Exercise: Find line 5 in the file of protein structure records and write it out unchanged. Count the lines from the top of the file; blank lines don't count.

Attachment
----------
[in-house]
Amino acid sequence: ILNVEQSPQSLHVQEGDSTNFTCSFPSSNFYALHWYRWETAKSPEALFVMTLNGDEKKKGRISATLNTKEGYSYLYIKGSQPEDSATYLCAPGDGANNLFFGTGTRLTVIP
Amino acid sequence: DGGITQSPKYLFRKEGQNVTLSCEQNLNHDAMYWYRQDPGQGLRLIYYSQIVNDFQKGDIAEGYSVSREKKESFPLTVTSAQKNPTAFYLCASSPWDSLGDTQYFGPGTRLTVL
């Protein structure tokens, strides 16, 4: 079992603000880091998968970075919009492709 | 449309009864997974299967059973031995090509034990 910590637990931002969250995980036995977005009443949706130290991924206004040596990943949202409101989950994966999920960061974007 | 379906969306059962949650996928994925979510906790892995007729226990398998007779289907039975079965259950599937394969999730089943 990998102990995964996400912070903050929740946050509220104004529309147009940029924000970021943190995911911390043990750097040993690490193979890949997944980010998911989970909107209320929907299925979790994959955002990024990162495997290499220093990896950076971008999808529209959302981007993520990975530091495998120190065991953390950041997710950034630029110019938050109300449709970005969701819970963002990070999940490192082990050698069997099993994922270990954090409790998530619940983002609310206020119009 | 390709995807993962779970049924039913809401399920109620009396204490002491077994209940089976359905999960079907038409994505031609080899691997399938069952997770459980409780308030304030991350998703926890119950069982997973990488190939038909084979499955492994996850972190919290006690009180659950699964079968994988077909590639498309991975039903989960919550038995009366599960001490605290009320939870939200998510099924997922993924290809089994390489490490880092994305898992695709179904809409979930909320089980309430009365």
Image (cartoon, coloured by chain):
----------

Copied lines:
Image (cartoon, coloured by chain):